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That device on your finger reveals much about blood oxygen

You’ve surely seen them when you’ve gone to the emergency room or were admitted to the hospital or even just had an outpatient procedure: a plastic clamp that the nurse attached to your index finger that seemed to give readouts of … well, something, right?

The device is called a pulse oximeter, and it serves as a noninvasive, painless way to measure oxygen in your blood.

Pulse oximeters were invented during the 1970s, and “we’ve been using them on a regular basis since the 1980s,”says Dr. Paul Kalekas, chairman of Touro University Nevada College of Osteopathic Medicine’s primary care department.

By directing alternating pulses of red light and infrared light through your fingertip, the device “measures how much of your hemoglobin is saturated with oxygen,” Kalekas says.

Oxygenated hemoglobin absorbs infrared light and lets red light pass through, according to Kalekas, while hemoglobin that isn’t oxygenated absorbs red light and lets infrared through. By comparing the relative absorption of both, oxygen saturation of the blood can be determined.

Before pulse oximeters, the only way to determine oxygen saturation in the blood was to do an arterial blood gases test, which requires withdrawing blood from an artery with a needle and then running the blood through a machine.

“We still do that, but that, obviously, is a little more painful, more cumbersome and more expensive,” Kalekas says. “It gives us more information, but we can’t do that on a regular basis.”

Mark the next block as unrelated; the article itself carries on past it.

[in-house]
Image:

Besides being painless and noninvasive, pulse oximeters “give you up-to-date, minute- by-minute (results),” Kalekas adds.

Generally speaking, anything between 92 and 99 percent saturation is considered normal, Kalekas says, while lower oxygen saturation percentages can be a sign of some sort of breathing problem, a heart attack or pneumonia.

What’s important isn’t the number at any particular moment, Kalekas adds.

“What we’re looking for (are) trends.”

Home pulse oximeters can be purchased for about $50, and there even are oximeter apps for the iPhone available. However, Kalekas says otherwise healthy people would have no reason, beyond, maybe, idle curiosity, to buy one.

However, Kalekas says, people who use home oxygen or who have such conditions as emphysema or chronic obstructive pulmonary disease may find them useful.

“If your oxygen saturation is below 88 percent, you qualify for home oxygen,” he says. “Below 88 percent, we start to have physical changes to the heart and lungs that are not advantageous. So the idea is to keep it up over 90.”

Meanwhile, thanks to the pulse oximeter’s noninvasiveness and convenience, blood oxygen saturation “in many ways, in the hospital, it’s become another vital sign,” Kalekas says.

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